PORTLAND, Ore. (TheStreet) -- The NFL absolutely does not care whether you cut the cord. It gets paid either way.
The beautiful part of the National Football League's business plan is that, with few exceptions, it does everything it can to take everyone's money. Do you watch sports only through the networks? It's charging NBC, CBS and Fox $1 billion a year through 2022 for the broadcast rights to its games, not including the $275 million it took from CBS to broadcast Thursday Night Football this year.
Prefer Monday Night Football? That's costing ESPN $1.9 billion a year. Want as much as you can get in one sitting? DirecTV pays $1 billion a year for exclusive rights to the NFL Sunday Ticket package of out-of-town games, through that ends next year.
If you really don't want to pay extra fees for cable or satellite television service, however, the NFL is remarkably cool with that too. It has positioned itself in such a way that the overwhelming majority of its games are available without having to subscribe to a single channel. There's a chance you'll miss the occasional NFL Network game here or there, but if it features a team in your market, the NFL is forced to simulcast it on a local affiliate.
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The NFL knows that sports make up a huge part of the average monthly cable and satellite bill, and it has no interest in giving the middlemen at the networks anything more than they're already getting. According to media research firm SNL Kagan, sports channels made up $947.6 million – or roughly 17% – of the $5.5 billion multichannel television industry in 1995. By 2012, sports channels took in $15.3 billion – or a whopping 38% -- of the overall $40.3 billion multichannel take. The earning power of the only other category that even came close, general variety channels such as TBS and AMC, grew from $820 million to $5.5 billion over the same span, but dropped from nearly equivalent to sports to roughly a third of that genre's value.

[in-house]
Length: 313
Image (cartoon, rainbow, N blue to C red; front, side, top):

Meanwhile, sports now accounts for nearly two out of every five dollars spent on pay television. Its monthly cost has risen as well. In 1995, the average monthly cable bill was $6.83, $1.17 of which went to sports channels. That's still a hefty 16%, but it lagged behind the $2.82 movie channels charged at the time. Now that $1.17 spent on sports wouldn't even cover 20% of the cost of ESPN alone.
Of the average $34 spent each month on multichannel television, nearly $13 pays for sports channels. That's 38% of the average cable bill, though sports are on only 14 of the average 94 channels offered by multichannel providers. On top of that, Nielsen estimates that only 20% of all multichannel viewing time is spent watching sports. Nobody is making out in that deal.